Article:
Therefore, having put away falsehood, let each one of you speak the truth with his neighbor, for we are members one of another. Be angry and do not sin; do not let the sun go down on your anger, and give no opportunity to the devil.
5) “I cannot continue to meet with you if the tone is going to be so hurtful and unkind. Maybe we need to take a break for a while?”
This goes back to what we can and cannot live with and in some ways is a follow-up to any bristly interactions that leave us feeling less-than. If someone is bringing us down into a place we ourselves are struggling with anger, hurt, and disappointment, regularly, he or she could be keeping us from serving our God-given purposes. That person may be a destructive distraction.
Proverbs 12:18, ESV
There is one whose rash words are like sword thrusts, but the tongue of the wise brings healing.
Taking space can offer the chance for us to heal and for them to regroup and assess if being in relationship with us is worth them taming their tongues and using more self-control. It also gives us a chance to see what we value about the relationship versus time spent in misunderstanding. Maybe there is a wound somewhere on one side? Perhaps this can be the catalyst to airing and healing it. There are times it also helps me see where I am triggered by a well-meaning person who has no idea her interactions are being received that way by me.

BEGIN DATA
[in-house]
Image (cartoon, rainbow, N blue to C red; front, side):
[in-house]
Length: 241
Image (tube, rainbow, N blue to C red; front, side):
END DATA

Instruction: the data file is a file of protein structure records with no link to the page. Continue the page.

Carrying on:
Proverbs 29:11, ESV
A fool gives full vent to his spirit, but a wise man quietly holds it back.
6) Being consistent in my speech with everyone.
This can refer to being double-minded in giving one set of advice to one person and a complete flip in counsel toward another, but it also means we should not misrepresent a situation, for example correcting someone for a critical spirit but then exercising one ourselves with other relationships.
Proverbs 11:3, ESV
The integrity of the upright guides them, but the crookedness of the treacherous destroys them.
The NIV says “duplicity” in the place of “treacherous,” and Merriam-Webster defines duplicity as “contradictory doubleness of thought, speech, or action.”
So, what about you?
Which areas are you needing to work (from this week’s post and last week’s Part 1) on a more truthful approach?
Where are you setting people up well for expectations that you can meet?
Where are you being honest about ones that you cannot meet?
Are there people in your life who need to know the way they are speaking with you is not okay?
These may be great boundaries for us to learn, but here’s the flip side:
We have to be able to recognize when people are also drawing them for us. We need to be able to take a step back and self-assess. I find myself on both ends of the boundary spectrum at times. If I don’t stop and examine these questions from time to time, I am missing opportunities to grow in more Christ-like behavior of loving people.
It is good for us to go back over the list and revisit if anyone is offering us those same messages.
Are you brave enough? I find the strengthened relationships—both personal and professional—to be worth the temporary discomfort of reflection and occasional confrontation. And I learn so much as a person about perspectives outside my own.
*This blog was first a featured post at Your Tewksbury Today.